FOUR out of 10 patients admitted at Butabika Hospital have an alcohol-related addiction, a senior psychiatrist has said.
Dr. David Basangwa attributed this to the misuse and easy access to alcohol.
â€œYou can imagine, every out of 10 cases we get, at least four have alcohol-related issues. This is because we have a lot of alcohol available on the market without policies to control it,â€ he said.
Basangwa was speaking during the second annual national Alcohol Abuse Prevention Public Dialogue under the theme â€œAlcohol Sachets; a ploy to recruit children into drinkingâ€ at the Uganda Bureau of Statistics House on Friday.
He said over 10 patients out of every 100 admitted in various hospitals have alcohol-related cases, for example, accident victims due to drunk-driving.
Basangwa noted that alcohol accounts for 3.2% of deaths in the world and is a leading cause of disabilities.
He said the laxity in regulating alcohol, especially, among the young generation, has made difficult to fight alcohol-related cases.
â€œWe need a national policy on the control of alcohol misuse. The Government should ban the sachet alcohol to protect the people,â€ he added.
The programme officer of Trans-cultural Psycho-social Organisation, Emmanuel Ngabirano, stressed that poor policy guidelines on production, distribution, consumption and marketing of alcohol had increased the abuse of alcohol.
Ngabirano said 70% of the children start drinking before the age of 15, according to the Anti Alcohol Abuse Coalition Group.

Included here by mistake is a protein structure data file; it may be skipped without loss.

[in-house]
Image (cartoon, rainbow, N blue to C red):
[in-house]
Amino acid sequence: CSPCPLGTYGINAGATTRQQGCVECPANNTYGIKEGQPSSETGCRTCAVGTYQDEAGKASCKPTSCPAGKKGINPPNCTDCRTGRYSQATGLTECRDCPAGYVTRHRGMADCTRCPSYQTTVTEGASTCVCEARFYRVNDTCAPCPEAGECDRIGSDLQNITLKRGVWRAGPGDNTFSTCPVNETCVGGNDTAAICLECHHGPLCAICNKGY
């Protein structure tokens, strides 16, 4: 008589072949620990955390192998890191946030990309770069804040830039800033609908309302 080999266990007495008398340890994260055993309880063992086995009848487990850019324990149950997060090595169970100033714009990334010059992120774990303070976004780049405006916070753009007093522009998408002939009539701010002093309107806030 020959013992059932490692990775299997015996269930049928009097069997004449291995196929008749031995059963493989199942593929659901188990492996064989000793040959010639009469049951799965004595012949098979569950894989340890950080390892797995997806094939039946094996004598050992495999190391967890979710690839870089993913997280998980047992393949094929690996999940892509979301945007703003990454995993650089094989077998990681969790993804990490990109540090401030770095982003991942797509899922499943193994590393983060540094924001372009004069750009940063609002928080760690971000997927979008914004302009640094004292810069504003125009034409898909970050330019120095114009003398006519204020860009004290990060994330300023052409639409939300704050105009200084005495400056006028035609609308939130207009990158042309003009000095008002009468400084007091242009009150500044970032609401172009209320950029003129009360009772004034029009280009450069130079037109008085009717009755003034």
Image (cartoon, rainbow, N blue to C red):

â€œThe growing alcohol industry has not been matched with proper policy guidelines. This has made Uganda one of the most unsafe places for children because they are exposed to early drinking,â€ he said.
He said close to 300 people this year could have lost their lives due to alcohol poisoning.
The chairman of East African Alcohol Policy Alliance, Rogers Kasirye, asked the Government to withdraw the licences of alcohol producers who do not meet the standards.
â€œThe district councils should come up with by-laws on alcohol within their areas to control the rate of consumption,â€ Kasirye said.
He proposed that packaging alcohol should be restricted to bottles with a minimum of 250ml.
â€œThis would make it easy to track cases of poison-related matters and it would be hard for children to buy or conceal it,â€ Kasirye said.
The dialogue was organised by Uganda Youth Development Link, in partnership with the Anti-Alcohol Abuse Coalition Group.
Alcohol addiction cases top Butabika Hospital admissions